I don’t care. Even though I don’t make any money on it, it works for the score. And that’s. Well, my job is my job is to present a score that works regardless of where we came from, what happens and, in, in, particular cases, you know, like with, with Glen, suggestion would become a co-composer.
And the first time he did it, which was the first show I ever did for him called switch.
Paul Alves: Are they just trying to get a piece of the pie at that point?
Stu Phillips: Yeah. Well, I mean, it was the, that is right, but with Glen, it was a matter of, his, he was, played guitar and he was a singer in a group, you know, the force of four preps.
And, he, wasn’t musical aside from that, you know, we didn’t read music or anything yet. Oh, so you just play. But he had this sense, it’s a vote he wanted to hear and everything else. And he went, when he was doing McLeod, he went to composers like. Crazy because, you know, they didn’t want pay attention to him.
You know, like you’re hired, I’m hired by the studio and I’ll do, I’ll write what I want, you know, and that upset him. And when he went to do the pilots for the $6 million man in 1974, which is where I got back with Glen, believe it or not, I don’t know if the story is just you, but that was 10 years after I was Glenn’s producer.
Wow. Okay. When he was a member of the four preps singing group on Capitol records, I was an ANR man at Capitol records. And my first assignment that I was given was to, do a session with the four preps because their contract was up in there. They had a day, he had a day old capitalist session. And so I produced a session with the four preps of which Glen Lawson was.
One of them. And so I was his producer and then 10 years later, I get a phone call from his office. Do I want, am I interested in doing a TV pilot? And, yeah. I had not spoken to the man in 10 years, because after, yeah, after the record that we made, which actually the record that we made came, an almost instant hit, but was taken off the air by Capitol records because the Beatles, it was a song that had to do to Beatles.
and, the Beatles, the Beatles, lawyer felt it was an insult to the Beatles, the, the way, the lyric was given. And they said the capital who of course, was distributing the Beatles here in the United States, said, you’ve got a choice. You want the Beatles, or perhaps, you know, as vocabulary, we’ll take the Beatles, you know?
And so they said, we’ll get this record off the air, you know? And so they did. And that was the last and that’s all Glen Lawson, I think sued Capitol records or something. I, at one time I read about that, but that was the last I saw of Glen Lawson for 10 years until his office called me up. And the reason they called is because he was so sick of all the composers that he was using on, on, the name of the game and not naming game, it takes a thief and also McLeod.
that he wanted somebody new. So we asked the music editor, do you know any composers? And he said, Oh, I just did a thing with Stu Phillips. He said, over 20th century Fox, he says it really good compliments of Stu Phillips. I know him, you know, he says, I think I know him from Capitol records. He says, yeah, that’s the guy.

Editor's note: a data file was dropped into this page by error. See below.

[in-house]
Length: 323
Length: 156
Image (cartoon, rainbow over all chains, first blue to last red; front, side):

So, he said, Oh great. He says, okay. So they booked me up or something and called me. And, I went in and met with Glen and he said, he’s got this pilot called the $6 million man, which was of course is the third version of the pilot. But, they’ve done two other ones with deal Molay and, and, somebody else.
And so we did the pilot and Glen sold it. And the network bought it and picked it up. And Glen never did an episode of the show, which I don’t know why. And I, here I was, I said, Oh my God, I’m going to have a, you know, great hit show. this thing’s going to be a smash and, and all, Glen says, well, I’m not doing the show.
Oh man. I had to do this day. I had no reason whether universal didn’t want to do the show or he didn’t want to do the show, but he said, listen, I feel bad about it still. You work for so hot on this. So he says, how about you do some McLeod’s? He says, I don’t have a regular composer on that. He says, and I hate most of the guys I’m using that.
They give me, so he says, I’m going to. Give you that show? I said, well fine. Great. So I, that’s how I kind of started in with Glen doing McLeod. And then, and then we, he got switch and then went on, would non wouldn’t onward. And, but it was always his feeling that, he, he earnestly felt, he contributed by saying things to me.
You know, right. But basically new that there was a lot of money and yeah. And, and having 50% of the, you know, of the BMI money. And then when we got the Fox, he actually got 50% of the publishing from Fox. So he was not only sticking his name on it. He was getting 50% of the publishing, you know, Hey, it’s the way the business goes.
It’s called, it’s called making a living. It’s called living in show business, which unfortunately, which unfortunately, a lot of the people in this industry in the last 10 years don’t understand. They don’t understand what show businesses. They don’t understand what doing, working in this businesses like